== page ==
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8th NASS Leaves An educational legacy in Nsugbe

By Onye Imman



NASS audit report

When the Senate penultimate Thursday, May 30, 2019 passed the law establishing the Federal University of Education, Nsugbe, Anambra State it inevitably left an educational legacy that the 8th Senate will be well remembered for.

The Senate’s concurrence on the bill followed the earlier passage of the same bill by the House of Representatives on July 12, 2018.

The import of the bill is to upgrade the Anambra State Government owned Nwafor Orizu College of Education, Nsugbe into a federal university.

The proposed Federal University of Education Nsugbe is fashioned to offer special Education Degree Programmes with the intention of producing highly competent, prepared special education professionals who are really to set the pace for advancement in education pursuit.

Remarkably, the bill was sponsored by a medical doctor but who more than ten years ago, set a legacy for himself in projecting the country’s education system as national president of the National Association of Nigerian Students, NANS.

That Dr. Tony Nwoye, APC, Anambra East/West Federal Constituency may have been known nationally as a student cum youth activist more than as a medical doctor or as a businessman is a reality of the fact of how he has exercised his energies towards promoting education and the interests of the youths.

That passion was what undoubtedly underscored his sponsorship of the bill which when it came for consideration in the House of Representatives won universal acclaim.

Not only because of his cross appeal across the political divide, but also because of the significant merits the sponsor of the bill was able to project to his fellow lawmakers both in the House and in the Senate.

The motion seconding the bill was moved by Hon. Nicholas Ossai (PDP Delta State) a former Speaker of the Delta State House of Assembly. Seconding the motion, he said the school would provide the much needed manpower in the education sector.

“We need the school to be upgraded to a university, they have the necessary manpower. I support the bill”, he simply said.

The immediate import of the bill is that it would by law establish the first university of education in the Southeast.

An attempt in that direction had been made by the Goodluck Jonathan administration which approved the upgrade of the Alvan Ikoku College of Education to a university of education. However, that move has largely remained a pipe dream following the failure to give a legal effect to the pronouncement in the form of an enabling law.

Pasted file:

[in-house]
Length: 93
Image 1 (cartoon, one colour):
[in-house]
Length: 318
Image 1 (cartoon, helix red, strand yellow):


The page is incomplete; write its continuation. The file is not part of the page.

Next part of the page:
Putting forward the need for the new legislation, Nwoye in his proposal had said:

Sponsor of the bill

“With increased quest to acquire education by Ndi Igbo and the rising demand for specially trained teachers in the country, this University when fully upgraded will go a long way in addressing a lot of issues including serving as an accessible centre to acquire both basic and advance degrees in Education in the  South East and also aides the obtaining of teaching pre requisites for career lecturers/teachers.”

Undoubtedly, in pushing for the establishment of the university in his native state, Anambra, Dr. Nwoye had taken into consideration potential benefits for the state.

Among the potential benefits to the state which other stakeholders from the state would be mindful of supporting will be the fact that the upgrade will make Anambra to become the next Educational centre for the training of professional teachers  and acquisition of  Education Certification in the Southeast.

The establishment of the university will also bring about job creation for the immediate and neighbouring communities and boost the economy of the region.

The state government will also be relieved of the burden of sustaining the Nwafor Orizu College of Education as the proposed law would put the upgraded institution under the tutelage of the Federal Government.

An important argument that was presented in support of the bill is the reality in the country that colleges of education have lately become dumping grounds for persons who failed to meet with the qualification needed to enter the universities or other supposedly dignified professional callings.

The import is that the project of producing teachers and other professionals needed to groom students for the future has been left in the hands of persons who are sometimes seen as rejected by the universities.

By upgrading the College of Education, Nsugbe to a university, that breach would be adequately addressed as products of the proposed university would be put in the same dignified rank among their peers in other strata.

Similarly, the school just like many other colleges of education in the country had been subjected to logistical and other challenges arising from shortage of funds.

Whereas universities still complain of not getting a fair share of the funds from the education sector, the colleges of education like the one in Nsugbe bear the brunt of often dislocated budgeting.

It is in that light that Dr. Nwoye’s proposal to establish the Federal University of Education Nsugbe won approval in the two chambers of the National Assembly.

With the legislature having acquitted itself as an advocate for enhanced capacity and quality in the educational sector, the ball has as it should be passed on to the executive with eyes on President Muhammadu Buhari.

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